2. Link these to things in the real world, and explain that you’re always here to protect and help them online and off.
  3. Reassure your child that they can always talk to you about anything that makes them feel uncomfortable.
  4. Tell them you’ll help them to report anything upsetting they’ve seen, or to deal with online bullying.

Talk about how they can stay safe on social networks

Ask your child if they know:

  • where reporting functions are
  • how to block someone
  • how to keep information private.

Talk about online privacy, and being Share Aware. Explain that online behaviour – including sharing personal information – should mirror behaviour in person.

Explain that talking to strangers isn’t always ‘bad’, but they should always be careful about what they share and sometimes people aren’t who they say they are.

Reassure them that you won’t overreact – you’re just looking out for them

Explain that you understand the internet is a great place to be and that you’re just looking out for them. Tell them they should speak up and not keep secrets if something is worrying them.

Reassure them that you’re interested in all aspects of their life. Say that you’d like to talk about stuff they’ve seen online, sites and apps they visit, and that you’ll share the things you’ve seen too. Recognise that they’ll be using the internet to research homework, for example.

Be Share Aware: talk about what’s OK, and not OK, to share online

Talk to your child about what ‘personal information’ is – such as email address, full name, phone number, address and school name – and why it’s important.

Explain simple ways to protect privacy. For example, avoiding usernames like birthdates or locations that give away too much information.

Discuss images and photos, and what might be appropriate. Help your child understand how photographs can give people a sense of your personality, and that sharing the wrong kind of image can give the wrong impression.

Explain that it isn’t easy to identify someone online. People aren’t always who they say they are, so don’t share personal information. If it’s someone who genuinely knows your child, they shouldn’t need to ask for personal information online.

Tell your child that if they’re in any doubt they should talk to you first.


The term ‘sexting’ is derived from texting and refers to the sending of sexually provocative material (including photos, videos and sexually explicit text) from modern communication devices or applications, such as mobile phones, tablets, email, social networking sites and instant messaging services.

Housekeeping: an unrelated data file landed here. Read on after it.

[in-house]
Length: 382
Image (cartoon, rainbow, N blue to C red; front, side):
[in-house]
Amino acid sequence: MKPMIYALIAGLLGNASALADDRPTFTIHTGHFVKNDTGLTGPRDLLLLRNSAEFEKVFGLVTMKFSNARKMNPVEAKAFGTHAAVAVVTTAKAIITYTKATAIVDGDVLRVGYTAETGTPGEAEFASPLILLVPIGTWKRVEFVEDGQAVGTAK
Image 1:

A Parents Guide To Dealing With Sexting

CEOP have created ‘Nude Selfies: What Parents and Carers Need to Know’. This is a series of four short animated films for parents and carers offering advice on how to help keep their children safe from the risks associated with sharing nude and nearly nude images:

Nude Selfies- Film 1 of 4

This is film 1 of 4 from the NCA-CEOP Command’s Thinkuknow education programme’s new resource called ‘Nude Selfies- What Parents and Carers Need to Know’

Nude Selfies Film 2 English subtitles

This is film 2 of Nude Selfies- What parents and carers need to know. Contains English subtitles

Nude Selfies Film 3 English Subtitled

This is Film 3 of Nude Selfies- What parents and carers need to know. Contains English subtitles

Nude Selfies Film 4 English Subtitles

This is Film 4 of Nude Selfies- What parents and carers need to know. Contains English subtitles.

The NSPCC’s Share Aware campaign is at 8 to 12-year-old children and also features two animations I Saw Your Willy and Lucy And The Boy are engaging films with a serious message that follow the stories of two children who share too much about themselves online.

There are lesson plans and assembly resources that accompany this resource and they can be found at

South West Grid for Learning created a resource ‘So you got naked online’ that offers children, young people and parents advice and strategies to support the issues resulting from sexting incidents.

‘‘Sexting’ in schools: advice and support around self-generated images: What to do and how to handle it’ contains practical advice about how schools should respond to an incident, including how to support a child whose image has been shared and whether or not devices can be searched.

Sexting: How to keep your child stay safe – NSPCC resource